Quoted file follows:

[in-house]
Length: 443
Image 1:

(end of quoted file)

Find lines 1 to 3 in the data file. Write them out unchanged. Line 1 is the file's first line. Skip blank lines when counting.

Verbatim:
[in-house]
Length: 443
Image 1: